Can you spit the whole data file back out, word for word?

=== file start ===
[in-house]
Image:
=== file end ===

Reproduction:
[in-house]
Image: